Kulula’s Project Green programme, which aims to combat the atmospheric carbon loads and greenhouses gases released by its aircraft, has raised R1 million to support greening and mitigate climate change through Food & Trees for Africa (FTFA).
By February 2009 Project Green had planted 2009 trees. Now, thanks to the thousands of Kulula fans who contributed money every time they flew, thousands more trees and hectares of bamboo are being planted for disadvantaged communities throughout South Africa this year.
‘We want to say thank you to all our fans who opened their hearts and pockets to support this worthy cause,’ says Kulula Marketing Manager, Nadine Damen.
On 14 and 15 September Kulula will distribute another 1 000 fruit and indigenous trees to residents in the dusty township of Tembisa in celebration of 24 Hours of Reality.
24 Hours of Reality
The Climate Reality Project , founded and chaired by former Vice President Al Gore, a Nobel Laureate also famous for his award winning and much screened ‘Inconvenient Truth’ is launching a new global campaign to broadcast the reality of the climate crisis and mobilize citizens to help solve it.
The campaign kicks off with 24 Hours of Reality, a worldwide, live streamed event on 14 and 15 September. The event will be broadcast to 24 time zones for 24 hours and in 13 languages and FTFA’s founder, Jeunesse Park, is honoured to be one of the 24 presenters.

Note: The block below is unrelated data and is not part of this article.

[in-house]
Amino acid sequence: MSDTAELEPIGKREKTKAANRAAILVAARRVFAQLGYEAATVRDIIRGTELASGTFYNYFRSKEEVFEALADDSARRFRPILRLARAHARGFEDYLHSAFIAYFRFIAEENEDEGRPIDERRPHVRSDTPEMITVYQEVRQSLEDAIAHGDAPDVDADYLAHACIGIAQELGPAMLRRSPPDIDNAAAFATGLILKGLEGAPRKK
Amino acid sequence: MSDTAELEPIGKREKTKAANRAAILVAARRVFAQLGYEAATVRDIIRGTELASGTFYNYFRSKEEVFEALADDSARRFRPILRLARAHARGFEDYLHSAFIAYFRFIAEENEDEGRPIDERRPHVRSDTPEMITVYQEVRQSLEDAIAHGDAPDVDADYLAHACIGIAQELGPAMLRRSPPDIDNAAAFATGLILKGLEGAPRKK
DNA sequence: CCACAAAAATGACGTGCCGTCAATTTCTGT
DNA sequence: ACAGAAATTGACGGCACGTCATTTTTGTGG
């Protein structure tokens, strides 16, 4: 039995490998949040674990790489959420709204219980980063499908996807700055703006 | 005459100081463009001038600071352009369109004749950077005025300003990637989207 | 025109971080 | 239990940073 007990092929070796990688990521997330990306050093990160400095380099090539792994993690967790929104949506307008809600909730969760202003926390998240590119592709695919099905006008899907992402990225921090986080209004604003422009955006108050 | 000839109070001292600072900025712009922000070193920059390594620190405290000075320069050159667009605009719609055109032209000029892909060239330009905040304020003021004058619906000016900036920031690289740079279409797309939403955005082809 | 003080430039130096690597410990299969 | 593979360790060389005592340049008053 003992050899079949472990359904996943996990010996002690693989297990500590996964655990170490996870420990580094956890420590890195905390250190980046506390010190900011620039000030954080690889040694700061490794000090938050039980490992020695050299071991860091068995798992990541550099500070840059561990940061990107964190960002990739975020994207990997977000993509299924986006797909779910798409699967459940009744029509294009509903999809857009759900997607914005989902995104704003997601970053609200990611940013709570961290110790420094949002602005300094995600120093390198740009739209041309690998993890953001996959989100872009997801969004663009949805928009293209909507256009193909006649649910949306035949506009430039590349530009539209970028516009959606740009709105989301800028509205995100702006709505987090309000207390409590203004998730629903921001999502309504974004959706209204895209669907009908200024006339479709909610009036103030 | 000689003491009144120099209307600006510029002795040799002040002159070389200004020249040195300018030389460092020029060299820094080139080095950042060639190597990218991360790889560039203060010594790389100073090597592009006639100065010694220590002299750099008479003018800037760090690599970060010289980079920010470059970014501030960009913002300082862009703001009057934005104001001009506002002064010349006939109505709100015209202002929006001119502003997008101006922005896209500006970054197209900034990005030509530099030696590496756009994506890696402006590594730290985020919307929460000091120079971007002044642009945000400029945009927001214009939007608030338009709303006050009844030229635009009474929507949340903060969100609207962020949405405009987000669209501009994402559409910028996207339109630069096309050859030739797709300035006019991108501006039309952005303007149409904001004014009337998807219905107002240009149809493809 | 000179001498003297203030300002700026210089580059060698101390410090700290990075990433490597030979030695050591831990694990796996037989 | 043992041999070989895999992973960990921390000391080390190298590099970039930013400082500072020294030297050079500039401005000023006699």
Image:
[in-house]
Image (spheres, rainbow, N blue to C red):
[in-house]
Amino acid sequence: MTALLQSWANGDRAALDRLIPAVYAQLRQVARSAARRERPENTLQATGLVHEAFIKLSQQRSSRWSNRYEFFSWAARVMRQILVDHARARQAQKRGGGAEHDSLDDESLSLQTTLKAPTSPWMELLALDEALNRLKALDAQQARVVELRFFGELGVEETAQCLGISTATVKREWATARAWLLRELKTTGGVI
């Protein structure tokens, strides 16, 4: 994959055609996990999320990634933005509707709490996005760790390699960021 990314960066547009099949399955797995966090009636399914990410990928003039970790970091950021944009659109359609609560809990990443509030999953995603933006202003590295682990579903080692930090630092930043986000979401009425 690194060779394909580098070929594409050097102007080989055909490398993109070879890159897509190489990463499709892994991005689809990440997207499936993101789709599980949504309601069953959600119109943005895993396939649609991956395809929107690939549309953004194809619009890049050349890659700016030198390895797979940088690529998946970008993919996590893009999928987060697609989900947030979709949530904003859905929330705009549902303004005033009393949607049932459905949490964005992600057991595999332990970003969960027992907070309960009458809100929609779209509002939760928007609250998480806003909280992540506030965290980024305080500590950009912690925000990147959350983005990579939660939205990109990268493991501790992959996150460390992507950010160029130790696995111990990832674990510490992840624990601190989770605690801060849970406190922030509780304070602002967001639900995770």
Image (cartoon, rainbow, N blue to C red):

Tembisa, a Zulu word which means ‘there is hope,’ is one of the largest townships in Gauteng and there is certainly hope for Tembisa as kulula and FTFA plant these 1 000 trees to the residents of Esselen Park, an extension of Tembisa, where new low cost houses have been built, in a denuded area. Most of the people who live here are unemployed and depend mainly on government grants to survive. Some of the residents earn a living by renting out rooms and by selling fruit and vegetables at the local market and along the street pavements.
A better understanding
‘This is a well-known township in South Africa. We need to ensure that we promote environmental awareness activities, and ensure that the people of Esselen Park take care of the trees donated to them by kulula,’ said Ruth Tshabalala, PR Councillor. ‘We really appreciate what Kulula and FTFA are bringing to this community. Our people will be empowered with knowledge and skills,’ continued Tshabalala, ‘and a better understanding of the implications of climate change.’
FTFA has trained 20 unemployed residents who are going door to door to tell their neighbours about Kulula’s great green gift, invite them to collect their trees on 14 and 15 September, and inform them of 24 Hours of Reality and the links between extreme weather conditions and climate change as a result of human made greenhouse gas pollution.
‘Since it is the poor who are and will suffer most as the sub continent becomes drier, according to scientific predictions and models, this education and awareness is vital,’ said Jeunesse Park. ‘The simple act of planting a tree is a way of addressing this and involving even the poor living on marginalised land.’